tea pairing: Coconut oolong with An Ember in the Ashes
April 16, 2016
It may feel boldly out of place to think of tea while engrossed in the bleak outlook facing the characters in An Ember in the Ashes, while feeling it grow ever bleaker as the story unfolds. Or perhaps tea is necessary, as the safety of a kettle whirring its gentle song can provide some calm contrasting the darkest corners of this tale. The earthy coconut oolong with its unexpectedly delicate underlay is a most fitting companion.
... the safety of a kettle whirring its gentle song can provide some calm contrasting the darkest corners of this tale ...
The tea starts as the characters Elias and Laia who attempt the appearance of dark, hardened exteriors ...
The tea starts as the characters Elias and Laia who attempt the appearance of dark, hardened exteriors. The base oolong tea of my coconut oolong from Townshend’s Tea Company is a lightly oxidized, grassy leaf that gives the tea hints of a peaty base. The tightly coiled rolls protect and preserve the earthen flavors hidden within. Generously mixed through is the light of shaved coconut. The inner flesh of a coconut offers a bounty of bright flavor, and simultaneously creates a velvet silk to coat the tongue. The unfurling of brewing oolong leaves interweaves these elements, resulting in strong flavors of the wild that seamlessly soothe through the fruit and butter of coconut. A perfect process to experience alongside Elias and Laia’s journeys to respecting their vulnerable cores.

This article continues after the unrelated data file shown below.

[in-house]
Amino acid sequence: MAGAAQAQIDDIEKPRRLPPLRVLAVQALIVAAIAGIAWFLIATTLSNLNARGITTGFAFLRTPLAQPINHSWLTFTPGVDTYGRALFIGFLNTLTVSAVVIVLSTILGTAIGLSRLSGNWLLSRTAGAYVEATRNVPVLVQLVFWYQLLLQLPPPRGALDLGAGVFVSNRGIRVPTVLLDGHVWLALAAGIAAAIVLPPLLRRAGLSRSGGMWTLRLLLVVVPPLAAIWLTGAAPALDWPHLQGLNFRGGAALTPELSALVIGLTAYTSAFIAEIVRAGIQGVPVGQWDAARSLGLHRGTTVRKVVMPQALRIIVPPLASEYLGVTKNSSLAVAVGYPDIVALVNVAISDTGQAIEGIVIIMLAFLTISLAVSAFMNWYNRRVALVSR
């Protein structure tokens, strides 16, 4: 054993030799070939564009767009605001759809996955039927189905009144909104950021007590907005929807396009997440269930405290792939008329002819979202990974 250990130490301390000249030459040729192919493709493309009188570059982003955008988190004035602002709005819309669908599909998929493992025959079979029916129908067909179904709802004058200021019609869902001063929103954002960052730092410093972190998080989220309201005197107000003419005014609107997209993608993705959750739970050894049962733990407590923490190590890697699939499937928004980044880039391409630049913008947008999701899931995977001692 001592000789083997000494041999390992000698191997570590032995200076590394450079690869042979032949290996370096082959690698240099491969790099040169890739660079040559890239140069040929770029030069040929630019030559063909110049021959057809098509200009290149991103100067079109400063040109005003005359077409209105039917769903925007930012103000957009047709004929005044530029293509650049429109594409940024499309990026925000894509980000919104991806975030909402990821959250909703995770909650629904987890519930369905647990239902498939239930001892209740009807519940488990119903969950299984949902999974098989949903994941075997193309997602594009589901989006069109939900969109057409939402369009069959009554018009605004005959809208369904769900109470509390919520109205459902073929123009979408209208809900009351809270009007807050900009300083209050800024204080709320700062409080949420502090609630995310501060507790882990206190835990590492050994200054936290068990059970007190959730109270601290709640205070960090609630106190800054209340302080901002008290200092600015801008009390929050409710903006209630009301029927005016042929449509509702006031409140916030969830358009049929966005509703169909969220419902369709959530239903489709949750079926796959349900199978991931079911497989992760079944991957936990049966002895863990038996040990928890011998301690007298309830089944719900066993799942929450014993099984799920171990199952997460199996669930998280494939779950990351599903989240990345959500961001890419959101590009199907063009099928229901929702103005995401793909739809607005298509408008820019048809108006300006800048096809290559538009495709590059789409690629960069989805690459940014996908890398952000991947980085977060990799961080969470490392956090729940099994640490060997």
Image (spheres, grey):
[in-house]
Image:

... A perfect process to experience alongside Elias and Laia’s journeys to respecting their vulnerable cores ...
Portland tea shop Townshend’s uses a rare oolong to create this delicious blend. Watch for my post on Townshend’s amazing and comprehensive tea list, and their cozy sipping rooms.
A bit more on oolong tea …
Oolong is a variety made from exposure of tea leaves to strong sun for quick, partial oxidation and then roasted to halt the oxidation process. The flavors of oolong will vary depending on the particular process used, but tends to have a brighter taste than green teas and a bit finer flavoring compared to black teas. Oolongs are curled into tight spirals, which are fun to watch release during the brewing process.
Brewing temperature: Oolong wants a softer temperature than black teas, recommended at 180-200F. Basically a just-boiled amount.
Steep time: About 3-5 minutes. When the tea leaves have opened to flat, the tea is ready. (And these can re-steep 2-3 times!)
* Both the temperature and the steep time are especially forgiving with this blend, as the coconut tends to even the taste when the tea might otherwise become bitter from over-steeping.
Caffeine content: Oolong contains caffeine, in an amount lower than black tea but higher than green.
Milk?: The detailed flavor of oolong is probably best without any cream addition. However, the tea will not get lost entirely to a splash of milk if you feel inclined.
Sweetener?: The coconut provides plenty of rich and fruity flavor, but a dash of honey will not defeat this tea either.